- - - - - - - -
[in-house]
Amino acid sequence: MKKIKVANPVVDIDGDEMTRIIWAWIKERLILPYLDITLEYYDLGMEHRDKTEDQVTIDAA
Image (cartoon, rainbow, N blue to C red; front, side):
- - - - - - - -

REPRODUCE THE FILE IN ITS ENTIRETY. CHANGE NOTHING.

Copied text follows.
[in-house]
Amino acid sequence: MKKIKVANPVVDIDGDEMTRIIWAWIKERLILPYLDITLEYYDLGMEHRDKTEDQVTIDAA
Image (cartoon, rainbow, N blue to C red; front, side):